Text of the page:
Birthrates, anecdotally, are five to one Muslim versus non-Muslim. With the lack of jizyah, (welfare payments to Muslims,) and an advancing industrial/technological economy, the income divergence is markedly worse for the Muslims yearly if not monthly. As the social status is further eroded by democracy and meritocratic income levels, the Muslim past superiority becomes more glaringly rusty. Retrenched in Islamic fundamentalism further, stressing the need to restore the past by cargo-cult fetish, in other words, by recreating the trappings of the past one hopes to make real the past, (you build it, they will come,) socially illiterate and reactionary Islam digs itself deeper into the hole, becoming increasingly more violent as the hole gets deeper and the light of Modernity and its benefits recedes further.

As the frustration of failed Islamic triumphalism is more obvious daily, and as Islam tries harder to restore itself to its former glories of inequality, the rest of the world progresses nicely. Modernist women, being better educated and less dependent on husbands and family for physical survival, take more personal risks in their personal live-styles. With education comes a lesser need for numerous labouring children. With Modern medicine comes a lower infant mortality rate. Contrast that with the primitive who needs fewer children for labour but is caught in a cultural straight-jacket and is also burdened by the success of modern medicine: her children live as she keeps having more. More Islam, more living children, and less possibility of change without risk of loss of regaining past glories.

As peasant children become increasingly financially burdensome, and as they become increasing numbers, something has to give, and in Bosnia they were turfed from the home at the age of six or eight to fend for themselves. Rather than being the former boon to the family farming enterprise they became, like their middle class counterparts, consumers. But, given the lack of expertise in the market economy of a welfare recipient Muslim with no jizya, the increasing number of children means less per capita for the child, fewer opportunities for advancement for each and every one. The spiral continues downward for the Muslim family. It also poses a risk for the middle class family exposed to violence and crime committed by the feral Muslim community. The Muslim family situation is intolerable. There cannot continue the for them the status quo. Either Islam must prevail to restore them to their former status or they must die as a politico-religious culture.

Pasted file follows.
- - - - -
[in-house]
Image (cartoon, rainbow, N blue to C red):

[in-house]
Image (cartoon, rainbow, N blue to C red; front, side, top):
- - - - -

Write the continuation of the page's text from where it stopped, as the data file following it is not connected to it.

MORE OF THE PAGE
What happened to women in the West when they began to receive higher education, an event in history that has changed the world beyond anything recognizable 100 years ago? Rauchway contuinues:

Only four per cent of Americans could attend college at all, [circa 1900] and well under half of these were women, making for perhaps forty thousand women collegians in a total population of some fifty million Americans. Even so, this number represented a marked increase since the Civil War-- an increase propelled by the creation of state universities with federal funding under the Morrill Land Grant act in 1862.... [Women] found few careers open to them. Business, law, medicine, engineering, and the ministry-- the fields that attracted their brothers-- refused them entrance. Four-fifths of this first generation of women university [graduands] became teaches of one kind or another. Facing these limits, the highly educated and inventive women alumna of the late nineteenth century invented a profession of the own: social work. (pp. 132-33.)

Rather than remain peasant baby factories, modern women became baby-sitters-- of the world at large:

[A]mong that first generation of university graduands, about forty per cent [of females] did [avoid marriage.] (p. 134.)

Given what we know of the norms of the time, we can suggest that these educated ladies did not have children. Forty per cent of college educated women did not have children! Comparing the fertility rates of urban peasant women in America in 1900 to educated women, we can see the problem of today. What we might also look at is the contrast between the desperate children of American immigrants who wanted to assimilate in America and the Muslim population who are raised to hate Modernity and who revel in an imagined glorious past of triumphant Islam. The possibilities of assimilation of Third World Muslims into mainstream society are as real as they were for Irish and Polish Catholics in 1900. We can also see the possibilities of Islam metastasizing as it does in Bosnia and the rest of Jugoslavia.

"Maybe this society doesn't accept families with five, seven or eight children ," he said.